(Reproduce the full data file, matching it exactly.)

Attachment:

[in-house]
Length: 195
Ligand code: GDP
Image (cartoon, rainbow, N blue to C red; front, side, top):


[in-house]
Length: 195
Ligand code: GDP
Image (cartoon, rainbow, N blue to C red; front, side, top):